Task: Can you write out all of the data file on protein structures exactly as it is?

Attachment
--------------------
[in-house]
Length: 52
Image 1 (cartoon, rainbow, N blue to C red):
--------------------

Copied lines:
[in-house]
Length: 52
Image 1 (cartoon, rainbow, N blue to C red):